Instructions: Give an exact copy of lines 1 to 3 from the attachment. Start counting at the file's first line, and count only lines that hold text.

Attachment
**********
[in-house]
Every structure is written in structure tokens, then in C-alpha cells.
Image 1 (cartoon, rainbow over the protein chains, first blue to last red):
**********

[in-house]
Every structure is written in structure tokens, then in C-alpha cells.
Image 1 (cartoon, rainbow over the protein chains, first blue to last red):